Helen Hollick: How NOT to fall into the pitfalls of writing an (unintended) series

I’m delighted to welcome Helen Hollick back to the blog to celebrate the release of the latest Captain Jesamiah Acorne adventure. And what breath-robbing story it is! More later… 😉

First accepted for traditional publication in 1993, Helen became a USA Today Bestseller with her historical novel, The Forever Queen (titled A Hollow […]

Villains and writers –The author is *not* the character

Conflict is the lifeblood of any fiction whether it’s between characters, between a character and their conscience, between the character and their environment. Obstacles abound, fate seems inexorable, bad characters never seem to give up.

Character is shown via actions and dialogue which shine a light on their values and motivations. Caius Tellus in my […]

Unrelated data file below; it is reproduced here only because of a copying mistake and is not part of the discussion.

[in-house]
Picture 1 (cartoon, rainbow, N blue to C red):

Tony Riches – 'Do we need more books about the Tudors?'

What a question! I’m intrigued about how Tony is going to answer this one… After writing several successful non-fiction books, Tony decided his real interest is in the history of the fifteenth and sixteenth centuries, and now his focus is on writing historical fiction about the lives of key figures of medieval history.

His Tudor […]

David Ebsworth: The holistic approach to historical novel research - from Alicante

I’m delighted to welcome the return of David Ebsworth to the blog as this week’s ‘writer abroad’. DAVID EBSWORTH is the pen name of writer Dave McCall, a former organiser for Britain’s Transport & General Workers’ Union. He was born in Liverpool but now lives in Wrexham, North Wales, and in Alicante, Spain. David took […]

Charlene Newcomb: Finding inspiration for a story

My guest this week is Charlene Newcomb who lives, works and writes in Kansas. She’s an academic librarian by trade (and recently retired), a U.S. Navy veteran, and has three grown children. When not at the library, she is still surrounded by books, trying to fill her head with all things medieval and galaxies far, […]